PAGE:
Patients

Patients

Patients are NOT Customers

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Screen Shot 2015-03-21 at 4.26.26 PMRecently I wrote about the problems with Maintenance of Certification requirements.  One of the phrases I read repeatedly when I was researching the piece was “the patient as customer.”  Here’s a quote from the online journal produced by Accenture, the management consulting company:

Patients are less forgiving of poor service than they once were, and the bar keeps being raised higher because of the continually improving service quality offered by other kinds of companies with whom patients interact—overnight delivery services, online retailers, luxury auto dealerships and more. With these kinds of cross-sector comparisons now the norm, hospitals will have to venture beyond the traditional realm of merely providing world-class medical care. They must put in place the operations and processes to satisfy patients through differentiated experiences that engender greater loyalty. The key is to approach patients as customers, and to design the end-to-end patient experience accordingly.

Except for one thing.  Patients are NOT customers.

The definition of a “customer” is a person or entity that obtains a service or product from another person or entity in exchange for money.  Customers can buy either goods or services.  Health care is classified by the government as a service industry because it provides an intangible thing rather than an actual thing.  If you buy a good, like a car, you voluntarily decide to shop around and get the best car you can for the price.  Even a vacation, especially a vacation package or a cruise, is a good.  A nice dinner, while a good in the sense of the food, is also a service.  You buy the services of the cook and servers.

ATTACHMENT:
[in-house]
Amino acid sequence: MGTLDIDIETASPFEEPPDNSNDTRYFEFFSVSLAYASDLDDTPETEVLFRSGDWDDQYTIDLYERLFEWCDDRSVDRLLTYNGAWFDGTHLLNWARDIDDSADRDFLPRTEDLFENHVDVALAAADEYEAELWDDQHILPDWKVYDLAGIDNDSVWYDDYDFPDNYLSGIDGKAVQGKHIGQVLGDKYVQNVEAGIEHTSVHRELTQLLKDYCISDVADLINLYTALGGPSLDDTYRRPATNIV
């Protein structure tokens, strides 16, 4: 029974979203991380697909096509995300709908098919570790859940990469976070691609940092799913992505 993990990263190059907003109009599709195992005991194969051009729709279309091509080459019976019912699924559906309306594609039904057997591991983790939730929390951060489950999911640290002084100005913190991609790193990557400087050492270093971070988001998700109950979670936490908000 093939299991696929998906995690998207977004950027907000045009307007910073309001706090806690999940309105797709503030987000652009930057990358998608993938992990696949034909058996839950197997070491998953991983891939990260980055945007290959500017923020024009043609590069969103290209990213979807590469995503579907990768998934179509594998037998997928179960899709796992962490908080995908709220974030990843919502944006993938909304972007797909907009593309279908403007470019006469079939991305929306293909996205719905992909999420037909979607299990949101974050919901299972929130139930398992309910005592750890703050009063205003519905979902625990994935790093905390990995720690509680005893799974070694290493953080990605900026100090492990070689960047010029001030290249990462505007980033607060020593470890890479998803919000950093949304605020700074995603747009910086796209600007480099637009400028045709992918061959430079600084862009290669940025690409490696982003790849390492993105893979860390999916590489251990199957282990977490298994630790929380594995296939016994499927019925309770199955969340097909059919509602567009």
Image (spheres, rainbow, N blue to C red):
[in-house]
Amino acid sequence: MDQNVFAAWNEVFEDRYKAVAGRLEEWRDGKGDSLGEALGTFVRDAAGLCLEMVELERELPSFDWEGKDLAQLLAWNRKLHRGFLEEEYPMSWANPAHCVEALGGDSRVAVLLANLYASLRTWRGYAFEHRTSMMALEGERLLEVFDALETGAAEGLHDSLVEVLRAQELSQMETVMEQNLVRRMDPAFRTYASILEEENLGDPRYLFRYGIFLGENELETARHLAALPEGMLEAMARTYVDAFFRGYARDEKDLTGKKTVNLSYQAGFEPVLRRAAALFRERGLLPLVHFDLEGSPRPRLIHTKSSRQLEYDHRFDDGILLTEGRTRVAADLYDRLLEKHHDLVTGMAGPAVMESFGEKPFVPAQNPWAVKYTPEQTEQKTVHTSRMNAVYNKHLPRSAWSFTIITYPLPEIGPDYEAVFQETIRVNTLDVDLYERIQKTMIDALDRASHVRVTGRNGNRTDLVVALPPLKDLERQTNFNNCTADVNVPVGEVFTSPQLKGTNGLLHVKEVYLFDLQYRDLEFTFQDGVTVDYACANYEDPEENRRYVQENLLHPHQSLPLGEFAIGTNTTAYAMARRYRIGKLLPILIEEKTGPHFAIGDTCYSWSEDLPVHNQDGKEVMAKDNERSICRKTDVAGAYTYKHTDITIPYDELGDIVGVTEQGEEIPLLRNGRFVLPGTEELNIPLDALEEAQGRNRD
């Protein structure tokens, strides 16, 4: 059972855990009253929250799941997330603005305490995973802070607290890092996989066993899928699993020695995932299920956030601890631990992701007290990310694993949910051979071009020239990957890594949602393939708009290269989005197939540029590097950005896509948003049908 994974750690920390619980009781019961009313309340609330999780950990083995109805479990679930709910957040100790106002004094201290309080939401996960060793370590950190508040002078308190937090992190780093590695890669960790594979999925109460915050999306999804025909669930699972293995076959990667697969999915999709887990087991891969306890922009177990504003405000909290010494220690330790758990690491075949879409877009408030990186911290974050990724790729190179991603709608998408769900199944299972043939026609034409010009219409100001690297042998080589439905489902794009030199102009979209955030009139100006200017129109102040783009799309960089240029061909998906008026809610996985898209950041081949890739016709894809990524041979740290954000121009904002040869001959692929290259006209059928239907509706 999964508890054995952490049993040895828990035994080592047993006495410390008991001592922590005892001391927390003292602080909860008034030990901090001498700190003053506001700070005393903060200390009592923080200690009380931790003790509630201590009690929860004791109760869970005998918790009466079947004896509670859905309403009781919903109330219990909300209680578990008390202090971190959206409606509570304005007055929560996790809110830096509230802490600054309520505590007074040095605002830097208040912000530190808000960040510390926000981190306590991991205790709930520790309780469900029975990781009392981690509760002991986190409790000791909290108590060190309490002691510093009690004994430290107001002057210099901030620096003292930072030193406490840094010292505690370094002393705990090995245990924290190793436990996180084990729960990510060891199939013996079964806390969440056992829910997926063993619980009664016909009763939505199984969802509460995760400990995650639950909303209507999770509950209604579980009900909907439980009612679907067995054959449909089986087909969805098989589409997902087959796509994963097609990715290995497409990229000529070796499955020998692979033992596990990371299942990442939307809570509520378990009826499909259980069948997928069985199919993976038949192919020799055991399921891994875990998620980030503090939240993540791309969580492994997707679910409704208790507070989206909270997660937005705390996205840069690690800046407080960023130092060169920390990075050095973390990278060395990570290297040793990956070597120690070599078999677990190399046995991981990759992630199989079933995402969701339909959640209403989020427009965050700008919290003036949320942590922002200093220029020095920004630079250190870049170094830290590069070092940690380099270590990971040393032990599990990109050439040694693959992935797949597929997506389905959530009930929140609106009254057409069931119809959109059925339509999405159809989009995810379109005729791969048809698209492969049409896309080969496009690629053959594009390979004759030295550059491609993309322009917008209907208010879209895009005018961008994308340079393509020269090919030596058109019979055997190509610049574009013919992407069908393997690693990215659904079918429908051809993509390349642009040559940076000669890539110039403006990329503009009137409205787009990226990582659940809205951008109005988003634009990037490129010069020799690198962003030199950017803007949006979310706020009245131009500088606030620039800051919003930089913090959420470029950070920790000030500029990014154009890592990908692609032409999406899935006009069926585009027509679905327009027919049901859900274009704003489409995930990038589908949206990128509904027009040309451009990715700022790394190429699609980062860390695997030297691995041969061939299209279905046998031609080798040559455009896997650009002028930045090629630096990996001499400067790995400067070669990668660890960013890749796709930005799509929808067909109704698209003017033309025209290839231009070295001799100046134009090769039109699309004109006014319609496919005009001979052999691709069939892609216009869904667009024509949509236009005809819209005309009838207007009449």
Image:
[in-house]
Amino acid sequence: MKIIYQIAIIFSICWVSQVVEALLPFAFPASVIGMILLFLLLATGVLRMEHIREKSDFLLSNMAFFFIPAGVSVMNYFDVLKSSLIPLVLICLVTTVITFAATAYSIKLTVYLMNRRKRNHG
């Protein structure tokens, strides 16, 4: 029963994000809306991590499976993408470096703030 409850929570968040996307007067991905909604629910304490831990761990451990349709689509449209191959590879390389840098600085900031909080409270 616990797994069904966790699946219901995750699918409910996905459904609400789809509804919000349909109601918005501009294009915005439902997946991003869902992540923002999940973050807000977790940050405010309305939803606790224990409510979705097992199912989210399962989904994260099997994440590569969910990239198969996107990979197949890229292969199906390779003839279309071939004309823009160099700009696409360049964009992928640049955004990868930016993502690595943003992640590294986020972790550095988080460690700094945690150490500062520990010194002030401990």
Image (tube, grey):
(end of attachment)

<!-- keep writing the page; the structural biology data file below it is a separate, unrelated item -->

Here is why the patient shouldn’t be considered a customer, at least not in the business sense.

1. Patients are not on vacation.  They are not in the mindset that they are sitting in the doctors office or the hospital to have a good time.  They are not relaxed, they have not left their troubles temporarily behind them.  They have not bought room service and a massage. They are not in the mood to be happy.  They would rather not be requiring the service they are requesting.  Which leads to number 2:

2. Patients have not chosen to buy the service.  Patients have been forced to seek the service, in most cases.

3. Patients are not paying for the service.  At least not directly.  And they have no idea what the price is anyway.